- With the lights dimming in California and gas prices jumping in other parts of the nation, it is obvious that this nation has failed to effectively address its energy needs. In the 1970s, an oil embargo quadrupled oil prices, gas lines appeared, gas prices skyrocketed from 25 cents a gallon to more than $1, and stations refused to sell more than 10 gallons to a single customer. The crisis forced sacrifices from all Americans along with steps to increase production, energy efficiency, alternative energy sources and conservation. But as oil supplies increased, the United States went back to many of its old habits. Speed limits and thermometers went up, fuel efficiency went down, incentives and research money for alternatives were reduced, and large homes, computers, high tech industries and sports vehicles drove energy demands up. The result 30 years later was another energy crisis. But when the president’s press secretary was asked whether the president would be asking citizens to change their lifestyles, given that we consumer more energy per capita than any other nation, he said “That’s a big no.” and when the governor or California first addressed this issue, he said that consumers would not have to pay increased energy costs. The political spin was that lifestyles would not have to change, but the reality is that an energy crisis changes lives whether we like it or not. We cannot produce and consume our way out of this crisis. The key is for the nation’s leadership to acknowledge that reality and promote a balanced plan of production, alternatives and conservation. It will demand sacrifice from all of us, and that is a fact no words can hide.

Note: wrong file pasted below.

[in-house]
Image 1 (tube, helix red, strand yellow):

The point is that whether the issue is scandal, tough budget or energy challenges, campaign reform, Social Security, health care or foreign policy—our leaders would do far better to be frank with the people than to try and spin their way out of trouble.
As our parents did, we try to teach our children to be truthful. Our very democracy is dependent on a strong relationship of trust between the people and their leaders. But in recent years, whether because of lost values or the ease and speed of modern communications, a bad example is being set for future generations by those who tell people the political message rather than what is really happening.
This may provide some short-term political gains, but ultimately, the nation pays a terrible price. Huey Long decided to tell the simple truth when he said he lied in his campaign. It might just be that telling the simple truth can work to restore both our politics and our democracy. Lord knows, it’s worth a try.
LEON PANETTA, is a former congressman and White House Chief of Staff whose column appears regularly in Commentary. Readers may write to him at the Panetta Institute, 100 Campus Center, Building 86E, CSU Monterey Bay, Seaside, CA 93955.